"I favour Tomi Ahonen's idea that content designed with mobile in mind will become more popular: whether that be short, snappy films (think of how MTV videos show a complete story in a few minutes), or 10-second clips sent between friends using MMS ("here's my kitten playing with a fly", "here's Brighton Pier on fire"). In these situations, image quality is less important than relevance"
That's why I sometimes wonder if Realnetworks have it all wrong with their emphasis on streaming media. Cleverly produced 15 second video clips occupying no more than 100kb, sent via MMS and downloaded in a few seconds might be all the mobile video content we'll want. Sure, it's easy to squeeze a Realmedia or 3GP formatted episode of 'The Simpsons' into a Nokia 3650 MMC but I think I'd prefer to watch in on TV. Why do we always instinctively try to regurgitate 'old' media for new delivery channels. We did it on the 'net and now we're doing it on mobile. Listen up cotent producers - each channel is different. As Tom and Tomi point out, relevance is the important thing.
"I'm beginning to understand the difference one of these makes. The camera-phone is a device for snapshots. My "real" camera, which certainly needs upgrading, takes photographs. The lower quality of the camera in the phone is not necessarily a permanent condition, but the one-handed click-and-done way you take pictures may continue to divide the realms to some degree."
Yes, Dan definitely gets it. This interpretation of photo sharing on camera phones is obvious when one compares and contrasts the nature of voice calls on mobiles to that of voice calls on land lines. Sure, mobiles can be used for 'normal' voice calls but mostly they're just used for 'snapshot' calls of the, "I be won't be home 'till 8", and "Can you pick up the kids", variety.
BBC - Picture phones save doctors time:"Doctors at a Welsh hospital are leading the way in using modern technology to help speed up a patient's treatment. When a specialist is not to hand to make an instant diagnosis, junior doctors are using mobile phones to send picture messages of an X-ray. The consultant can then advise the junior doctors how to proceed immediately."
Sounds great but I hope they have the phone cameras set to high resolution! I can imagine hairline fractures not showing up on photos sent from some of the lower end phones. Which reminds me of something that happened me when I was 17. I sustained a bad facial injury playing hurling (kind of like an Irish version of cricket). The junior doctor pressed on my badly swollen nose and asked if it hurt. No, I told her, it didn't. So I was sent home. A week later I got a call back into hospital to undergo an operation to break my nose and reset it. Turns out that my nose *was* broken but the junior doctor hadn't bothered to analyse the x-rays when I reported no pain. Duh!
Russ raves about a new IRC chat app he's found for his Nokia 3650. In fact he gets so excited that he loses the run of himself a little in places - "Once all the chat apps on telephones get *this* good, you can kiss SMS and MMS goodbye."
I can understand geeky enthusiasm like that but I think he needs to step back a little like he's done before and examine why this simply won't be the case. The first thing to understand is that 'regular' people don't even use the terminology we geeks use. I've never heard my friends talk about sending or receiving SMS messages. They just call them 'text' messages. And the few lucky ones with camera phones don't speak of sending MMS message, just 'picture' messages.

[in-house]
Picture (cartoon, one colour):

We techies live in a TLA universe and we need to pinch ourselves every so often to remind ourselves of the real world and real users. IRC is great but how many people know what it is? Real world users will dig the idea of 'chatting' but not 'IRCing'. Who cares what the underlying technology is as long as we can maintain a live dialogue?
That's what was so clever about the Vodafone Live! advertising campaign. Not a TLA to be seen. Just cool dude Beckham and lots of smiley happy ordinary, regular people having fun 'texting', 'picture messaging' and playing games.
That's the first point. The second is that regardless of how mainstream mobile chatting may become it simply won't replace SMS and MMS. To suggest it would is like suggesting that IM will replace Email. They're two different messaging paradigms which each have their place. Synchronous and asynchronous communications are complementary not replacements for one another. Many studies in Europe have found that teens favour texting over talking because it's less intrusive. It doesn't require an immediate answer. The receiver can stay watching TV, or eating, or bopping to the music in the pub, or whatever and just view and reply to the message when it's convenient.
After taking some time to absorb all of those announcements I can formally declare that my new Object of Desire is the Nokia 6600. What an absolute gem of a gadget!
It's like a 3650 on steroids, 6MB extra RAM, digital zoom camera, next version of the Symbian OS (7.0S) and a beautiful form factor. Also supported is Secure Socket Layer (SSL) encryption for greater security. And built-in corporate-friendly VPN client.
The only bad news it that it's not due to ship until Q3 which probably translates to summer 2004 for Ireland :-(
My gosh but Nokia have been busy lately! Check the Nokia website for a stream of announcements today -
"Check out these two new phones from Nokia - the curvy Nokia 6600 imaging phone and the luminescent Nokia 3100 phone. Also coming soon: the Nokia 12 GSM module and four exciting enhancements - the Nokia Wireless Clip-on Headset, the Nokia Radio Headset, the 3100 Xpress-on™ Gaming Covers, and the Nokia Fun Camera."
Nokia and Eastman Kodak to enhance picture printing partnership "With the Kodak Picture Center Online, owners of a Nokia 3650, Nokia 7650 and Nokia 6600 camera-phone can save snapshots to an online photo album and order prints, too. Users can also download their pictures and send them via multimedia message to other users."
Tom Hume spotted the news that Walt Disney is teaming up with Vodafone"to offer Disney-branded cartoons, games and music through the world's largest mobile phones operator. The deal, due to be announced on Monday, aims to exploit growing demand for themed ringtones, picture messaging and movie clips on the latest generation of phones."
Normally this kind of 'walled-garden' announcement would worry me but the end of the Financial Times article reminds us that -
"The Vodafone partnership - together with separate deals signed by T-Mobile and Orange - will give Disney access to 75 per cent of mobile phone users in Britain."
I don't often mention Siemens phones but having taken a closer look at the SL55 that just might change. What a beautiful design. Very like the Nokia 7650 but with much classier touches. Unfortunately there's no camera built in though, only an optional attachement.
The Nokia Image Viewer, which is a bluetooth enabled device for displaying Nokia 7650 and 3650 images on your TV, looks like a great gizmo until you realise that it can't display moving pictures, only stills. What a disappointment!
When you consider the normal process of preparing home movies for family viewing - shooting, transferring to PC, editing, outputting to tape, and finally viewing, wouldn't it be a breakthrough to be able to just point your mobile at the TV and playback instant video clips. The Image Viewer falls tantalizingly short :-(